Hiring Grads: What’s Going On? Part IV
This is the fourth and final installment in a series on the purpose of higher education.
In Part III, we saw that business’s hiring managers often are not getting the sort of specialized college graduates they want because college, generally speaking, is not the right place to train people for such narrowly designed work. And we saw that many top executives are not getting the sort of independent, self-determining college graduates they want because so much of academia isn’t as serious as it once was about liberal education.
Business is of two opinions about the sort of graduates it wants. That much is clear. But it does not seem to understand that one of those opinions is completely at odds with the real purpose of college, and—in the long run—with the real needs of business as well.
The primary purpose of college—contrary to the opinion of hiring managers—is not to provide trained-up workers for business, nor even to provide young people with the skills needed to make a living. The primary purpose is to help young people develop the character and the judgment to shape a life worth living.
What is most important in this development? Let me suggest four things.
• First, a stable character strengthened by habits that let you cooperate with fortune when it is favorable and contend with it when not. Such habits are, for instance, humility, forbearance, flexibility, resilience, fortitude, industriousness, persistence, courage.
• Second, an active imagination that enables you to envision a stimulating future that demands your utmost to bring it into being.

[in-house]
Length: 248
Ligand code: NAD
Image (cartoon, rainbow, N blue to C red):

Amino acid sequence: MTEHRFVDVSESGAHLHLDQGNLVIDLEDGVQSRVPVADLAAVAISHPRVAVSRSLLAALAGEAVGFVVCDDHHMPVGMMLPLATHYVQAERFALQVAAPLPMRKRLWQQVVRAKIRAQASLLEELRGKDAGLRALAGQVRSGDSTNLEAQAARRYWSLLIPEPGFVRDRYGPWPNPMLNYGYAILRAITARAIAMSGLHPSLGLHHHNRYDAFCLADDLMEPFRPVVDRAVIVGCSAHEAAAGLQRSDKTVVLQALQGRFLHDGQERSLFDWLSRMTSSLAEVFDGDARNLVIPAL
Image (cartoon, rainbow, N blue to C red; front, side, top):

• Third, a practiced intelligence that enables you to reason competently, so that you can think things through to the best of your ability.
• And fourth, practical wisdom (also known as good judgment), which is the application of intelligence to the problems life presents and the choices it demands.
Reinforcing or establishing these four traits is the primary purpose of college education, which aims at nurturing a whole human being. It cultivates the total humanity of young people by strengthening the distinctive aptitudes of human beings, both intellectual and practical. Its ultimate aims are individual happiness and the common good. Its products are good human beings and good citizens.
A secondary purpose of college education is to help students find a means of making a living. To put making a living in second place seems to astonish people nowadays. But that is only because the changes in higher education over the past half-century may have confused our judgment. In the modern world, getting a job seems to be of paramount importance.
But making a living—important as it may be—is only a part of life, while education aims at the whole of life. A well-grounded liberal education can help students understand the relative contribution of making a living to the overarching goal of building a life worth living. Successful college graduates not only have useful job skills, but also possess the independence of mind to see how those skills can be used for their own happiness and the happiness of those around them. This applies not only in their personal lives, but also in their business lives, if they should choose to make a living in the business world.
So it is the top executives, not the hiring managers, who see the real value of a college education and the real needs of business. Yet it is the attitude of the hiring managers—the short-term pressure to plug highly specialized workers into the sockets that need filling now—that has captured society’s thinking about the purpose of a college education.
I am encouraged by the efforts of businesses and college leaders to work together to address the problem. For instance, the LEAP (Liberal Education & America’s Promise) initiative of the Association of American Colleges & Universities has established an Employer-Educator Compact that recognizes the crucial importance of liberal education to the future of business.
We now need to find a way for higher education to team up with top business executives and help hiring managers see the long term advantages of a liberal education. If we can do so, colleges will be able to devote more resources to providing the liberal education students really need, so that business can start getting more of the graduates it really needs.